Also, to be honest, the fact that you can’t think of another property to use as a reference is kindof…alarming in a game that is “inspired by novels and movies”? I’m not at all comforted by the idea that it “could be LotR or could be Mistborn” since those two things have… nothing in common as far as I am concerned. =/
Sorry if this comes off extremely negative; I can’t figure out any other way to try to tell you how and why your game pushes me away.
There is a lot to be excited about here. I think the design goals and priorities are really laudable, and the thought being given to a “Fantasy World” which takes the strengths of PbtA design and divorces them from the limitations a game like DW has taken on (due to its design intent to emulate D&D) is a huge draw for me.
I find myself quite inspired and excited by the approach to design here, and the thoughtfulness behind it. A powerful, deep fantasy PbtA game would be very welcome.
I do also find myself struggling with the amount of effort put into “selling” the game, and positioning it as better than existing games. I’d rather the author put forward a product and let it speak for itself than read pages and pages of advertising for how great the game will be.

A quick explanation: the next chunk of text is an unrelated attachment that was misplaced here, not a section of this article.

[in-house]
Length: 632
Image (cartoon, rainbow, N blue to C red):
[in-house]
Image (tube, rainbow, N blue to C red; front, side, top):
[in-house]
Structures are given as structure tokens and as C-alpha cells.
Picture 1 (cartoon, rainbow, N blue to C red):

So, consider me cautiously excited, and prepared to support this project. I’d rather the designer spend less time writing about the game or convincing us how much better than other games it’s going to be, and more time writing this fantastic game. (But, of course, it’s not my place to tell anyone what to do! I’m just describing my reaction to the posts so far.)
If the game meets the design goals it sets out for itself, it will be a veritable chef-d’oeuvre. That’s exciting!
I think the issue of “how to present” this kind of game is really interesting.
Vincent Baker is a brilliant designer who achieves a great deal with evocative and poetic writing. I’ve seen some people really dig in to how powerful and effective this kind of writing can be, like at the Daily Apocalypse, which is a sort of love letter to AW:
So, I would not overlook the power and effectiveness of poetic, compelling, inspiring writing.
Having said that, I agree that this kind of presentation can really lead a reader to “buy in” to the game and the world being described, creating a false sense of security or understanding. Compared to a “drier” game, the sense of excitement and understanding is great, but often falls flat at the actual table. There are many rules and examples that seem really clear in the text, but, because of the reliance on poetic writing and the use of examples, don’t work the same way once they run up against a slightly different situation in play.